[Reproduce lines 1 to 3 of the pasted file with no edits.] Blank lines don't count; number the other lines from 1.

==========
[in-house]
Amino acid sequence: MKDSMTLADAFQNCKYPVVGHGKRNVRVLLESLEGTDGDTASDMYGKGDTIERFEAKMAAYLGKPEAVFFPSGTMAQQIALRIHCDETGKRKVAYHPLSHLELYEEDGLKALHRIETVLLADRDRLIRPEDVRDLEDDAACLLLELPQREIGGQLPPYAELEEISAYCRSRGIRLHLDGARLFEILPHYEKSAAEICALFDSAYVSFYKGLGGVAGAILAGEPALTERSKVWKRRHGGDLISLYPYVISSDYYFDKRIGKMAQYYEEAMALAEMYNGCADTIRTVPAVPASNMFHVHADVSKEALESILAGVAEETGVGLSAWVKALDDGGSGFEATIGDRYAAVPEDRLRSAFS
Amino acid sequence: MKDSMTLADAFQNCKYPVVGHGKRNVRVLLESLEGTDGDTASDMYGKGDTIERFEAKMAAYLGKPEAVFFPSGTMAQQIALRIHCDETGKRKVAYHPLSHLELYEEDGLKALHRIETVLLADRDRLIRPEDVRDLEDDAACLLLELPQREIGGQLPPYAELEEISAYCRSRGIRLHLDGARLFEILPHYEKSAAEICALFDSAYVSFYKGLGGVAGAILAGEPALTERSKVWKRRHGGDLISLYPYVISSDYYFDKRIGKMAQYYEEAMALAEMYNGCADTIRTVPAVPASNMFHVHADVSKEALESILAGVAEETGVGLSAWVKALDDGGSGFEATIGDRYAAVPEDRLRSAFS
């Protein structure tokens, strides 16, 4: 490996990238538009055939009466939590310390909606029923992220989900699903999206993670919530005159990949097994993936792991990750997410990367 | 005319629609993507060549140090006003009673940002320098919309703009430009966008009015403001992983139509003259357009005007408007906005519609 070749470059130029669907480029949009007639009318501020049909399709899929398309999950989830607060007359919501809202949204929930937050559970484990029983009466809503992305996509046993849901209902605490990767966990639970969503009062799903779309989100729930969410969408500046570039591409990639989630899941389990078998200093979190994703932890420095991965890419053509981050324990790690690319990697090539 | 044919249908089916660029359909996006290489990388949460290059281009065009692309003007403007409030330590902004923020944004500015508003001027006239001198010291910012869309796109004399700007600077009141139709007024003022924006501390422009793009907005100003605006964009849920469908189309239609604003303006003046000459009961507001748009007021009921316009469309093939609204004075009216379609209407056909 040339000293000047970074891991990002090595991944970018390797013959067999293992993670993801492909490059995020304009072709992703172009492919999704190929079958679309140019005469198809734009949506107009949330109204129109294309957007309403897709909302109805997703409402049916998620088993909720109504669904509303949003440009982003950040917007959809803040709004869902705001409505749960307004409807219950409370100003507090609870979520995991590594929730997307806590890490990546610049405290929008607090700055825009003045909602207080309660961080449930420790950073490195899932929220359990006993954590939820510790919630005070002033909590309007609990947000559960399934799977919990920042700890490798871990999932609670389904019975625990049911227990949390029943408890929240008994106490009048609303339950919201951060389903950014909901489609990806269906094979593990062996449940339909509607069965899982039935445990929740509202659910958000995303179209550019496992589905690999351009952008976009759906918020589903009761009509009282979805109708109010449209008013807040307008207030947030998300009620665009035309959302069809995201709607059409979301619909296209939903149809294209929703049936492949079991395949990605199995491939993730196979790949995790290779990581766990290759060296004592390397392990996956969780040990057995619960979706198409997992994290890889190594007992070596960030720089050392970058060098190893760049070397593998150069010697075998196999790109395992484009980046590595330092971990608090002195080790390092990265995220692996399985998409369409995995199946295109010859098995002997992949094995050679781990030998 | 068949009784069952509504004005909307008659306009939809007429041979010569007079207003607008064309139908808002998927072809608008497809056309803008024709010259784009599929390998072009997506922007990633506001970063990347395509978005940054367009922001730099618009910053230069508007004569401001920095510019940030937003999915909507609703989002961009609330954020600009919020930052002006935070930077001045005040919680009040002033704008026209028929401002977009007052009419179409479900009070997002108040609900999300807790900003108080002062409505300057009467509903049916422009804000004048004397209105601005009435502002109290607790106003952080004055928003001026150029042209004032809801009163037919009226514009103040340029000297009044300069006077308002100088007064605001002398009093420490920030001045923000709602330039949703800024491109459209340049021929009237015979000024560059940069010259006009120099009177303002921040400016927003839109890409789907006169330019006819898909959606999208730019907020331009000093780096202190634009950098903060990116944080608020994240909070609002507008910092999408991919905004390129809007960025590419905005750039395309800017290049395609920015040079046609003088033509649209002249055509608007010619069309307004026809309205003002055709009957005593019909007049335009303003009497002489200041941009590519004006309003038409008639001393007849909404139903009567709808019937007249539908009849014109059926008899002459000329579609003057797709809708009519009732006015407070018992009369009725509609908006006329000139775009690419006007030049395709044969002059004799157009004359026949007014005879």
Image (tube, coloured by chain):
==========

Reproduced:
[in-house]
Amino acid sequence: MKDSMTLADAFQNCKYPVVGHGKRNVRVLLESLEGTDGDTASDMYGKGDTIERFEAKMAAYLGKPEAVFFPSGTMAQQIALRIHCDETGKRKVAYHPLSHLELYEEDGLKALHRIETVLLADRDRLIRPEDVRDLEDDAACLLLELPQREIGGQLPPYAELEEISAYCRSRGIRLHLDGARLFEILPHYEKSAAEICALFDSAYVSFYKGLGGVAGAILAGEPALTERSKVWKRRHGGDLISLYPYVISSDYYFDKRIGKMAQYYEEAMALAEMYNGCADTIRTVPAVPASNMFHVHADVSKEALESILAGVAEETGVGLSAWVKALDDGGSGFEATIGDRYAAVPEDRLRSAFS
Amino acid sequence: MKDSMTLADAFQNCKYPVVGHGKRNVRVLLESLEGTDGDTASDMYGKGDTIERFEAKMAAYLGKPEAVFFPSGTMAQQIALRIHCDETGKRKVAYHPLSHLELYEEDGLKALHRIETVLLADRDRLIRPEDVRDLEDDAACLLLELPQREIGGQLPPYAELEEISAYCRSRGIRLHLDGARLFEILPHYEKSAAEICALFDSAYVSFYKGLGGVAGAILAGEPALTERSKVWKRRHGGDLISLYPYVISSDYYFDKRIGKMAQYYEEAMALAEMYNGCADTIRTVPAVPASNMFHVHADVSKEALESILAGVAEETGVGLSAWVKALDDGGSGFEATIGDRYAAVPEDRLRSAFS